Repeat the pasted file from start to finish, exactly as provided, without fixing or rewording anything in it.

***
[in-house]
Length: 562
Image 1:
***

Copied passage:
[in-house]
Length: 562
Image 1: